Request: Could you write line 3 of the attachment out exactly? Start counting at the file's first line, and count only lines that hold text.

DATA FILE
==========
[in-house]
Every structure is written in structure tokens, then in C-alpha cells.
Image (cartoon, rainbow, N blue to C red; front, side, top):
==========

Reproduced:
Image (cartoon, rainbow, N blue to C red; front, side, top):